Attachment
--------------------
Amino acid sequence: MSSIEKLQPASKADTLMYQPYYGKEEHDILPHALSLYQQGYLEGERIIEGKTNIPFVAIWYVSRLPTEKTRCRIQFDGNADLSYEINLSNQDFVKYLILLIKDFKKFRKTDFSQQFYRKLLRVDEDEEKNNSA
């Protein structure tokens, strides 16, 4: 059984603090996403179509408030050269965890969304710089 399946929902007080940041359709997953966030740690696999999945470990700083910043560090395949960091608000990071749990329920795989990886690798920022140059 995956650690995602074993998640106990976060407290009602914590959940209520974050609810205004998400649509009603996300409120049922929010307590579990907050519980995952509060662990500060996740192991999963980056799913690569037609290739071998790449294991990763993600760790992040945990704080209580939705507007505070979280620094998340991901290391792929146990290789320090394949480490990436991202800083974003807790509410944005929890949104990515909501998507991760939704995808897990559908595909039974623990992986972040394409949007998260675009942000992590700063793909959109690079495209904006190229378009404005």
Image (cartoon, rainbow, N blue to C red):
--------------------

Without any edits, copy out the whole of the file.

Amino acid sequence: MSSIEKLQPASKADTLMYQPYYGKEEHDILPHALSLYQQGYLEGERIIEGKTNIPFVAIWYVSRLPTEKTRCRIQFDGNADLSYEINLSNQDFVKYLILLIKDFKKFRKTDFSQQFYRKLLRVDEDEEKNNSA
């Protein structure tokens, strides 16, 4: 059984603090996403179509408030050269965890969304710089 399946929902007080940041359709997953966030740690696999999945470990700083910043560090395949960091608000990071749990329920795989990886690798920022140059 995956650690995602074993998640106990976060407290009602914590959940209520974050609810205004998400649509009603996300409120049922929010307590579990907050519980995952509060662990500060996740192991999963980056799913690569037609290739071998790449294991990763993600760790992040945990704080209580939705507007505070979280620094998340991901290391792929146990290789320090394949480490990436991202800083974003807790509410944005929890949104990515909501998507991760939704995808897990559908595909039974623990992986972040394409949007998260675009942000992590700063793909959109690079495209904006190229378009404005």
Image (cartoon, rainbow, N blue to C red):